Saint Anthony Hospital (SAH), a safety-net hospital in Chicago, is continuing to provide free mental health services targeting minority and immigrant populations – through its Community Wellness Program – despite challenges due to COVID-19.
Throughout the United States, COVID-19 has disproportionately affected Black and Brown communities. In the 60623 zip code that SAH serves, Hispanic and Black residents account for 66.1% and 30.4% of the population, respectively. In addition, 33.4% of the population lives in poverty. During the months of April and May, the state of Illinois observed positive cases around 14%; the neighboring communities that SAH serves saw their positive cases numbers around 48%.
SAH Community Wellness Programs specific to mental health services include free individual and couples psychotherapy, as well as therapeutic and psycho-educational groups to support adults experiencing chronic depression, anxiety and the effects of trauma. SAH clinicians and social workers are bilingual and culturally competent to reflect their patients.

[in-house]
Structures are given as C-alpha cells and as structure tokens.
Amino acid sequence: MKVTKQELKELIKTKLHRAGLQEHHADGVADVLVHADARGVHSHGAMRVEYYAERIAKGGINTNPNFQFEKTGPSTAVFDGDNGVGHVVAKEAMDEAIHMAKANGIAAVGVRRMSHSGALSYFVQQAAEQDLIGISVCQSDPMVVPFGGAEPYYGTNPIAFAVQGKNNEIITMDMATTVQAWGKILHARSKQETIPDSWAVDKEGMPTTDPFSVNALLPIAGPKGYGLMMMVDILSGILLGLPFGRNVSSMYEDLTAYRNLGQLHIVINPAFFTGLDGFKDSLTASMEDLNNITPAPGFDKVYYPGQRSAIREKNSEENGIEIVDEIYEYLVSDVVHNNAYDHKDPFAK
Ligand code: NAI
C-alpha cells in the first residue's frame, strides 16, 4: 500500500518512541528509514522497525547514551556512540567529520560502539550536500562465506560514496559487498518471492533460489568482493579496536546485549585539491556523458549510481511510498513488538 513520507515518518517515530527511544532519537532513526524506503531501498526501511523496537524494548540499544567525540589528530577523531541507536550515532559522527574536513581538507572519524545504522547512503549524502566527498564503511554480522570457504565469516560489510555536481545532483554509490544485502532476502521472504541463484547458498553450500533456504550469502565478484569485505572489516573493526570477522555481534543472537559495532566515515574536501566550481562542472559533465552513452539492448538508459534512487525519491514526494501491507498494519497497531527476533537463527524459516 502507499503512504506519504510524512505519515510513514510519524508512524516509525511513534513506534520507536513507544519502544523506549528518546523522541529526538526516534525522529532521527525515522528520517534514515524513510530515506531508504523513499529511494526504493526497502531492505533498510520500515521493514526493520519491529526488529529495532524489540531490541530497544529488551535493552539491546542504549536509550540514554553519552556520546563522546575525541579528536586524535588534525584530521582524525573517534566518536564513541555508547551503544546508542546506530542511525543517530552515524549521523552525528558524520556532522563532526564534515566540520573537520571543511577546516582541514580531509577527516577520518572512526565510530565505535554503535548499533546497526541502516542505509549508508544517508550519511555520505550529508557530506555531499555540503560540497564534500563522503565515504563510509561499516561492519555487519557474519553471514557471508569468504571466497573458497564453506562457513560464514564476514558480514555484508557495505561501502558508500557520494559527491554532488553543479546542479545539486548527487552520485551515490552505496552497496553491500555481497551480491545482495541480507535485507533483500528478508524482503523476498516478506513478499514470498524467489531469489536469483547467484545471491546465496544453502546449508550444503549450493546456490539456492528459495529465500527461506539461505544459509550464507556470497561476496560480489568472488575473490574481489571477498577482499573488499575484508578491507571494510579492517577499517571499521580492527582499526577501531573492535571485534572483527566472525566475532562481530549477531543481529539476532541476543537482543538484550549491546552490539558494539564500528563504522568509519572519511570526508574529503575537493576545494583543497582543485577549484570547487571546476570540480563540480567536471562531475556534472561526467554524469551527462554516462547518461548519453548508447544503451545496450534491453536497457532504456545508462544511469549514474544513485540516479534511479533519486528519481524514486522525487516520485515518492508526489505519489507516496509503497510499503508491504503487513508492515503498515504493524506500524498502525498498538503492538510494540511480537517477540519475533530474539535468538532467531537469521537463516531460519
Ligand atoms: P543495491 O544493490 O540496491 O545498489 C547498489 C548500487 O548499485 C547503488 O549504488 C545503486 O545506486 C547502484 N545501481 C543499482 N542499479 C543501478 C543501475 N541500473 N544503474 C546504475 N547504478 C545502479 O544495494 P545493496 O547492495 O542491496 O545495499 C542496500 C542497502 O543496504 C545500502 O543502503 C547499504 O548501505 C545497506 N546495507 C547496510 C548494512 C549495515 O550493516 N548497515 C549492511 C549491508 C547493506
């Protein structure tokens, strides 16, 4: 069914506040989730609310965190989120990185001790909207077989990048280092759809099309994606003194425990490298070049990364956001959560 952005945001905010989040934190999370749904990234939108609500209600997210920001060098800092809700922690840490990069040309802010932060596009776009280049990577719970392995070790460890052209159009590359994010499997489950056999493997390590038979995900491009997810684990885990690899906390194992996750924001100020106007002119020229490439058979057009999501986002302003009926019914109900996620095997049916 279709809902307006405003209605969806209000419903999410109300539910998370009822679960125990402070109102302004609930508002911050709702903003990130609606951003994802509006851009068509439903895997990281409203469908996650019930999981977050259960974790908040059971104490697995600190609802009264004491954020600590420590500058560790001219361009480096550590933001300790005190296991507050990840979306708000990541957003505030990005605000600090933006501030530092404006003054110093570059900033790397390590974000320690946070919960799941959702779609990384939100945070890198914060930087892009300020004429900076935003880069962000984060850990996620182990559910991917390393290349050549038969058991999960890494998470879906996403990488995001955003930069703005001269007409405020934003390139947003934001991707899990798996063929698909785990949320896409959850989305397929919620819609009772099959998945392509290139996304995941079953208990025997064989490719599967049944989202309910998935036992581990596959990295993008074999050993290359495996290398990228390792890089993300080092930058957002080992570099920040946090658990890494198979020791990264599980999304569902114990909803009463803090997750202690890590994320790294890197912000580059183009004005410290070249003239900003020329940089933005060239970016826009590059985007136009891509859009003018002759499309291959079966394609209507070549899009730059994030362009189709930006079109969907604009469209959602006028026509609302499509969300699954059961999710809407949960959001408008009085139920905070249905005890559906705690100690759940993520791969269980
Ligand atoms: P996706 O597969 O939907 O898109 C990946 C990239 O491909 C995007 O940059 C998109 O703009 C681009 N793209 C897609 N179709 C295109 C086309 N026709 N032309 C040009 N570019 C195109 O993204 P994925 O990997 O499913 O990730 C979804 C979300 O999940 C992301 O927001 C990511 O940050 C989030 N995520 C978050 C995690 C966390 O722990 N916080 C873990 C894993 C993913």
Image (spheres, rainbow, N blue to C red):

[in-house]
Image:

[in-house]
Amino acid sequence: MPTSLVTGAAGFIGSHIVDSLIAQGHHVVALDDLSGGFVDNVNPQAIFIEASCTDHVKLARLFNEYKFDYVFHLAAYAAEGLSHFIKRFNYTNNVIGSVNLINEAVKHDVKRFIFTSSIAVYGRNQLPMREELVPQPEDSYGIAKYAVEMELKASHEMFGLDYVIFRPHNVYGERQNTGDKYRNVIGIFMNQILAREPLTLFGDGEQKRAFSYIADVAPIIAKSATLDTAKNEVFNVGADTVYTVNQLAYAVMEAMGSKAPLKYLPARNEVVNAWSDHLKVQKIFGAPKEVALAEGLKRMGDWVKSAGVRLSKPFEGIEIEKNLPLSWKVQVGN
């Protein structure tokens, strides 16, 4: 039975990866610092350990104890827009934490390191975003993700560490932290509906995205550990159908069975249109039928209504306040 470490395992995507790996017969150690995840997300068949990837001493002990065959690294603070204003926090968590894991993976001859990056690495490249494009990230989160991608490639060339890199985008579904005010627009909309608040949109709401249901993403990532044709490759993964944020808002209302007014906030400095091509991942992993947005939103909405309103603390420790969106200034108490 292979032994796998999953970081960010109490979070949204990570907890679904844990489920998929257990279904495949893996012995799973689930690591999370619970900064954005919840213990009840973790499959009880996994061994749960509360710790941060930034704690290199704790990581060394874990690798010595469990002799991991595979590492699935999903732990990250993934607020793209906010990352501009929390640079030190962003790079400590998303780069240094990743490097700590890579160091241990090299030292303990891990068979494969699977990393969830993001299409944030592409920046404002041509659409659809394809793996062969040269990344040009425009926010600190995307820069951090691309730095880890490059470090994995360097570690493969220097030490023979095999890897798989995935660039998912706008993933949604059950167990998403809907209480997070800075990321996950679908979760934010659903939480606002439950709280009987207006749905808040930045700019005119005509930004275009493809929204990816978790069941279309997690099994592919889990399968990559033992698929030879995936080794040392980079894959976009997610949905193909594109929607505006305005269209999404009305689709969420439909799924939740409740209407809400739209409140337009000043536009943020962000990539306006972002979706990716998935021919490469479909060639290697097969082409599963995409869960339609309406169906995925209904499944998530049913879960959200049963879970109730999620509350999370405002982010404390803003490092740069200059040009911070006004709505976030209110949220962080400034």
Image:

During COVID-19, the rapid expansion and adoption of telehealth is one strategy in place to provide access to care, while still abiding by social distancing guidelines. Although SAH physicians and therapists have welcomed the use of telehealth, barriers to widespread use, such as internet access and difficulties in using technology among older patients, are a real concern.
SAH has not only provided mental health services for patients but also offered services for clinicians and staff affected by the pandemic. James Sifuentes, senior vice president of mission and community development at SAH, explained, “It was imperative for us to provide counseling services for our providers who may have been overwhelmed by the amount of patients they were seeing or affected by the pandemic in other ways.” To learn more, read the case study from the AHA’s Institute for Diversity and Health Equity (IFDHE).